Although it is principally believed that the prison administration can be governed by judiciary but practically the magistrate depends upon the police officers for the further process. The enormous Judicial powers entrusted to the police officials by the government are the root cause of the indecent practice of Custodial deaths. The practice goes against the ideals of separation of powers and also the against the provision of Code of Criminal Procedure 1973 which says, judiciary to severed from other parts of the government.

In Nilabati Behera (Smt) alias Lalita Behera v. State of Orissa[5]the Supreme Court held that claim for compensation in public law against strict liability is distinct from the liability claimed under law of tort. Compensation in public law for the violation of the rights guaranteed by part III of the constitution is an apt and the only redress before the legal heirs of the deceased against the government or its servants for transgressing their limits.

In case of PUDR vs. Police commissioner, Delhi police headquarters and anr[6]some laborers were compelled to work in the police station without wages. When the laborers demanded the wages, they were beaten up and thrashed and the women laborer’s clothes were stripped off. Owing to this inhumane treatment one of the laborers, Ram Swarup succumbed to injuries. The supreme court based on the above facts ordered to compensate the legal heirs of the Deceased with Rs 50,000 and the women whose clothes were stripped were compensated Rs 5,000 each.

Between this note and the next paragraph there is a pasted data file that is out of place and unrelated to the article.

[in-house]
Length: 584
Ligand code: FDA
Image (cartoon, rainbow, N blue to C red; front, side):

For the past 40 years, Kashmir has been crying tears of blood shredded in the police and military custodies. Ever since the Muslim insurgency in the valley and the onset of extensive Muslim militancy activities the forces in Kashmir had been on their toes, there has been loss of life on both sides but the custodial violence is something which has emerged a glaring practice in the valley right from the insurgency of 1989 that led the mass killings of Kashmiri pandit that left them no option but to leave the valleys.

In last 5 years, 220 personnel have been found guilty of Custodial killings and grave human right violations. Many such stories have been found unnoticed in the valleys and often go unheard, there families in valley who have been from years searching what actually killed their boy was it the militancy or the transgression of power by the security forces.

Looking back at the cases in the past decade we have seen that Courts have been compensating the heirs of the deceased, fixing the vicarious liability upon the state for the wrong doings of its officials.

In Moheela Moran v. State of Assam[7], the Court has asserted the applicability of the doctrine of vicarious liability in the cases of Custodial deaths.

Crime is a syndrome affecting the criminal psychotically, and people committing those crimes if seen from a reformative perspective are patients of psychotic syndrome who can be treated by medico-legal recipes inside the prison where the criminals should be skilled and not killed. Prison reformations are the first thing that should be on the table of the governing authorities as it has been long since the Custodial deaths have been out casting the democratic structure of our governance. The Indian police forces and prison authorities are effective, the only thing required is the shift in the approach by the authorities towards the detained, being guilty or not shall be an option on the table anymore.


[2]Constitutional Miscellany, V. R. Krishna Iyer2nd Edn (2003) p.149, 151

[3]Bhajan Kaur vs Delhi Administration through LT. Governor, 1996 IIIAD Delhi 333

[4](1993)  2 SCC 746


[6](1989) 4 SCC 730

[7](2000) 2 Gau LT 504

This article is authored by Varunendra Pandey 3rd-Year, B.A.LL.B (Hons.) student at Amity Law School, Delhi